And, since we are no better than our Master, we too will suffer in this life. But through that suffering God will draw us closer to our Savior & we will see Him for what He truly is – the sacrificial Lamb who takes away the sins of the world. PAUSE
In Christ’s life here on earth, His heart was troubled as the Gospel reading stated. But in suffering He took His eyes off of Himself & His problems to focus them upon His Father in heaven. In last Sunday’s OT lesson, the Israelites were in the wilderness complaining against God, so they were disciplined with poisonous snakes.
God’s provision for their healing was a bronze serpent hanging on a pole. The Israelites were to look at that serpent on the pole in order to live, which meant taking their eyes off the problems & struggles of this life. It meant losing their life & all the treasures of this world, because those treasures will chain & enslave you to the poisonous attitudes of sin.
In last week’s Gospel reading, John wrote that just as the serpent was lifted up on a pole in the desert, so the Son of Man must be lifted up. At the end of today’s Gospel lesson, Jesus says that when He is lifted up He will draw all men to Himself. He said this to show the kind of death He was going to die. I believe He also said this in order to show us how to see Jesus.
Now is the hour, the hour for the Son of Man to be glorified by His death. It’s on the cross that you will see Jesus. For ultimately, it’s on the cross that He displayed His love for us. It’s on the cross, hanging naked for all the world to see, that His unmistakable love for you is most clear. It’s there that He who knew no sin, became sin for you & for me.
Consequently, if you want to see Jesus, you must see Him as He was on the cross. You
must see Him being crucified in your place. You must see the scars in His hands, His feet & His side; for in that vision you will see the full power of the Gospel. Here’s an example.
A young girl was suffering from terminal cancer. She had little time left & what she did have was destined to be humiliating & painful. The effects of the cancer were visible to the eyes of all who saw her – that is, to all who dared to look. She was a sight only to be pitied. But those circumstances did not take away her joy for life or the beautiful smile she wore each day.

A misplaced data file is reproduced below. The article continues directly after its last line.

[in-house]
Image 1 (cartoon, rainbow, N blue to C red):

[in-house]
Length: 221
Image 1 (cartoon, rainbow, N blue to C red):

One day, however, the pastor was visiting & noticed that she wasn’t in her usual cheerful mood. Thinking it was due to the intense pain he shrugged it off, until he saw her tears forming. “What’s the matter?” he asked. The young girl sighed, “Soon, in heaven, I’m going to have a new body.”
The pastor replied, “That’s right, but that’s happy news. Why are you crying?” “I’m going to have a new body when I get to heaven, but Jesus will always have the scars.” PAUSE
What profound insight. How is it that a small cancer-ridden child can recognize the Gospel & its essential truth, while we often remain unmoved & uncomforted in our pain? The certain answer is that our sinful nature blinds us to the love that Christ has for us. It’s a love that would cause God to be crucified even for ungrateful people like we often are.
The answer to our ingratitude are the means of grace God provided for the nurturing of our faith. It was by faith that a young girl dying of cancer had seen the scars in the hands & the feet of her Savior. It was by faith that she saw the side of her Lord, which had been pierced with a spear. It was by faith that she knew & believed that those scars were intended for her.
Have you seen Jesus? May your heavenly Father grant you such a faith. Amen.
Just as I am, without one plea but that Thy blood was shed for me & that thou bidd’st me come to Thee, O Lamb of God, I come. Amen. LSB 570:1.
Pastor Dean R. Poellet